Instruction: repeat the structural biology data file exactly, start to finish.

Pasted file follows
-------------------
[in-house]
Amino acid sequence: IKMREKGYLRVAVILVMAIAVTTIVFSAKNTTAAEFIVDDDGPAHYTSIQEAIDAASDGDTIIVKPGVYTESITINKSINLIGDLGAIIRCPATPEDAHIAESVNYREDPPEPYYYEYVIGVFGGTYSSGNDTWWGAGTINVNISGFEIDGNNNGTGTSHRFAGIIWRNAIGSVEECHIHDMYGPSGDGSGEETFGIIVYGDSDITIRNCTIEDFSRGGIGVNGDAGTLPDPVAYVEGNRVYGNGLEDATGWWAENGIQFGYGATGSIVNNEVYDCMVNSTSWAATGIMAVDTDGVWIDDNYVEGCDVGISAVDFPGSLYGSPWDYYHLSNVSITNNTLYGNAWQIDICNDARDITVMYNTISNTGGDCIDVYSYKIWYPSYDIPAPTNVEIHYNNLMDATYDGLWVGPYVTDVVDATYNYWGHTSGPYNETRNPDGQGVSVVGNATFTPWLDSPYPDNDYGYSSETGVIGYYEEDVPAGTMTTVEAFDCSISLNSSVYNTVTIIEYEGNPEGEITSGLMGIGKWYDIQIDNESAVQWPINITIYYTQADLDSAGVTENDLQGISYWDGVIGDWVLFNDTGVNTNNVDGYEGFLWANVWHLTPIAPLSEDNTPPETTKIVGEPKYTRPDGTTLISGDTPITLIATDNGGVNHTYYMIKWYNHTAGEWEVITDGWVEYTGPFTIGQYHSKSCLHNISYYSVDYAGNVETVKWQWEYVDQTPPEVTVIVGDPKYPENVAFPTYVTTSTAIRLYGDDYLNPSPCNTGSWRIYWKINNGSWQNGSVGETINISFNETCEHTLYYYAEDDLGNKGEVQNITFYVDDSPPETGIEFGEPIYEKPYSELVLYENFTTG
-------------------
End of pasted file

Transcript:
[in-house]
Amino acid sequence: IKMREKGYLRVAVILVMAIAVTTIVFSAKNTTAAEFIVDDDGPAHYTSIQEAIDAASDGDTIIVKPGVYTESITINKSINLIGDLGAIIRCPATPEDAHIAESVNYREDPPEPYYYEYVIGVFGGTYSSGNDTWWGAGTINVNISGFEIDGNNNGTGTSHRFAGIIWRNAIGSVEECHIHDMYGPSGDGSGEETFGIIVYGDSDITIRNCTIEDFSRGGIGVNGDAGTLPDPVAYVEGNRVYGNGLEDATGWWAENGIQFGYGATGSIVNNEVYDCMVNSTSWAATGIMAVDTDGVWIDDNYVEGCDVGISAVDFPGSLYGSPWDYYHLSNVSITNNTLYGNAWQIDICNDARDITVMYNTISNTGGDCIDVYSYKIWYPSYDIPAPTNVEIHYNNLMDATYDGLWVGPYVTDVVDATYNYWGHTSGPYNETRNPDGQGVSVVGNATFTPWLDSPYPDNDYGYSSETGVIGYYEEDVPAGTMTTVEAFDCSISLNSSVYNTVTIIEYEGNPEGEITSGLMGIGKWYDIQIDNESAVQWPINITIYYTQADLDSAGVTENDLQGISYWDGVIGDWVLFNDTGVNTNNVDGYEGFLWANVWHLTPIAPLSEDNTPPETTKIVGEPKYTRPDGTTLISGDTPITLIATDNGGVNHTYYMIKWYNHTAGEWEVITDGWVEYTGPFTIGQYHSKSCLHNISYYSVDYAGNVETVKWQWEYVDQTPPEVTVIVGDPKYPENVAFPTYVTTSTAIRLYGDDYLNPSPCNTGSWRIYWKINNGSWQNGSVGETINISFNETCEHTLYYYAEDDLGNKGEVQNITFYVDDSPPETGIEFGEPIYEKPYSELVLYENFTTG